Alright. So I guess I am one of those people who read a book that changed their lives. I know it sounds corny, but about 20 or 25 years ago, I went to a library sale in Putney in London, where I was living, working [0:01:41] you know what, where you find a book on the cheap, found a book for 50 pence that’s called “The Shining Mountain” by Peter Boardman. I read it. Not being on mountain, I said, this is so thrilling, I’ve got to try this sport. So there [0:01:55] office there was a retired climber. So he showed me the ropes [0:01:59] and that’s really how I started my journey. So I can say I read a book that changed my life.

KEVIN:
Incredible! A 50 pence book and off you are up climbing Mount Everest. That’s very inspiring to say.

DAVID:
Well, I mean it took another year or so, for you know, the team to come together and for me to get enough expedition and climbing experience to have some confidence saying, okay, we’ll go. This is the base of experience and skill now. Let’s build on it and in 3 years, let’s raise [0:02:22] million dollars and get this group of, rag-tag group of amateurs on the top of Mount Everest. And you know, mind you, it’s like the Jamaican Olympic Bobsleigh team [0:02:30] everything going against us, for example, no mountains [0:02:34] no snow and ice except in the bottom of your dessert bowl, so we were pretty challenged.

KEVIN:
[Laughs] Yeah and the ice in bottom of your dessert bowl probably isn’t gonna help you climb Mount Everest. So..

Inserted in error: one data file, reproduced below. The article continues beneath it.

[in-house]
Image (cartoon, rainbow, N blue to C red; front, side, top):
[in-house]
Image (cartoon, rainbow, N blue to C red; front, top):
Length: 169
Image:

DAVID:
Yeah, I know it isn’t.

KEVIN:
David, tell us, you have taken all your knowledge, all your experience, you’ve guided many to climb many mountains and now you [0:02:54] insight to help in leadership and develop leaders. I wonder if there is some particular wisdom or experience that you can share with us from your journey.

DAVID:
Yeah, yeah. I found. This is backwards. I came back from Mount Everest. A week after coming back, I came down with this rare nerve disorder, you mentioned that earlier. And this rare nerve disorder is called Guillain-Barre Syndrome and [0:03:13] because it’s a disorder. It’s your own immune system going crazy, attacks your nerves and then [0:03:18] paralysed and in very severe cases, like mine, I was paralyzed from eyes down. I could only blink my left eyelid and I went to this horrible journey where you know, your lungs have to be suctioned where all the fluids get built up because you have got antibiotic resistant pneumonia and throughout this horrible six months, I stayed in the hospital most of the time [0:03:35] was disabled. You are aware of everything that is going on around you, aware, but you can’t do anything. And eventually your nerves begin to grow back and that’s because what’s causing the [0:03:42] of the white blood cells. So once that we knew that the nerves have to grow back, but it takes an incredibly long time for the nerves to grow back and it’s not a 100% guarantee you got everything back, as that was my case. I left the hospital after 6 months with permanent disabilities below the knees at both legs and the right leg’s the worst, so I can’t use the right foot; it also just dangles uselessly, but then, you know, I begin to realize that asking the right questions is actually sometimes much more important than trying to find the right answers.

KEVIN:
Hmm.. That’s interesting. Particularly given the topic of our show. Tell us about that question. What question did you ask?

DAVID: